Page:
Survey or questionnaire data, while useful for certain types of MCC research, are limited because they include a small, select list of chronic conditions; typically not less prevalent conditions. Furthermore, diagnosis information from these data sources is often at a gross level of detail that inhibits the ability to study specific chronic conditions. For example, the Behavioral Risk Factor Surveillance System asks respondents about 15 conditions: myocardial infarction, coronary heart disease, skin cancer, other cancer, chronic obstructive pulmonary disease, depression, kidney disease, vision impairment, diabetes, and HIV/AIDS (CDC, 2011). Not only is the list not comprehensive, it also doesn’t capture information on the specific type of condition (i.e. what specific mental illness or cancer does the person have?). There is also the issue of respondents not specifying all of the chronic conditions they may have when interviewed or surveyed perhaps due to reluctance to divulge a specific condition. To ensure completeness, major national surveys were included in our review.

To enhance data richness and the ability to understand drivers of healthcare cost in addition to diagnostic information, researchers are able to link or match many of the datasets contained in our review. For example, Health and Retirement Study data can be linked with Medicare claims to better articulate the relationship between patient medical history, financial status, age, diagnoses and healthcare costs (ResDAC, 2013). Although data linking may improve data quality and robustness for specific variables, most linked datasets will not be advantageous for research on low-prevalence MCC due to small sample sizes and limited diagnostic information. However, these types of linked datasets may be an important source of information for future study on more prevalent chronic disease combinations. Linking claims to other Medicare data sources is one way to overcome limitations related to small sample sizes. For Medicare beneficiaries who are nursing home residents, linking Medicare claims data to the Minimum Data Set (MDS) assessment tool is possible. The MDS is part of the federally mandated assessment of all residents in Medicare or Medicaid certified nursing homes and contains items that measure physical, psychological and psychosocial functioning. Linking the MDS to claims data would permit in-depth analysis of how MCC patterns differ based on patient characteristics and also support analysis of the relationship between MCC and patient outcomes, at least for Medicare beneficiaries in nursing homes. Linking claims data to the Outcome and Information Assessment System (OASIS) would allow similar exploration for patients receiving home health services.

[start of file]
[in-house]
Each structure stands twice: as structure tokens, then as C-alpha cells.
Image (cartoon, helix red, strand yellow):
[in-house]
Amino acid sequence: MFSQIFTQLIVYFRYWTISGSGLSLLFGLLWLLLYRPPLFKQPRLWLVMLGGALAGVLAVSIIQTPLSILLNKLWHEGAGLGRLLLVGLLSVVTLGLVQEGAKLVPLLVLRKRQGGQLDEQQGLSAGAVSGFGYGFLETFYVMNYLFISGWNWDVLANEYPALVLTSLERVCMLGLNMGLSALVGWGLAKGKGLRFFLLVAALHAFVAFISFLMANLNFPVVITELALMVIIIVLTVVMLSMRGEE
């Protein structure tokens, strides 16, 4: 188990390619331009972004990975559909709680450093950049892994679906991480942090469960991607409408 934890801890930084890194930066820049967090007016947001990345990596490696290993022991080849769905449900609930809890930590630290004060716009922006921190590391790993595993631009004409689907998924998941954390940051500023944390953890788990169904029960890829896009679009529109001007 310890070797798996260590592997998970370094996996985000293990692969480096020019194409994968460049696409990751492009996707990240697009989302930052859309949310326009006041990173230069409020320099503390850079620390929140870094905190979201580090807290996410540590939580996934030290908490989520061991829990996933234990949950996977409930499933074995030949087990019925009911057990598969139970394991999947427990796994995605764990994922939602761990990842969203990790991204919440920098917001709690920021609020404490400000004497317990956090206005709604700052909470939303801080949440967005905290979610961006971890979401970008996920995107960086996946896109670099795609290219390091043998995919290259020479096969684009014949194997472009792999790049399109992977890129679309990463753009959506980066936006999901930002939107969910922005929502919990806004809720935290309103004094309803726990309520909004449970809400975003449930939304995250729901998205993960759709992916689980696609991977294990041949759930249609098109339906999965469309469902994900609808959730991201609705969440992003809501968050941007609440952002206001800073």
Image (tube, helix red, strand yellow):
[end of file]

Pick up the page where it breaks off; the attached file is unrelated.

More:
It is important to note that additional data sources may become available in the future that will be appropriate for research on less prevalent combinations of MCC. New data sources may include electronic healthcare record based registries, large employer databases, managed care patient registries, practice-based network data, and other data sharing and collection initiatives. Descriptions of these other potential data sources were not included in our review.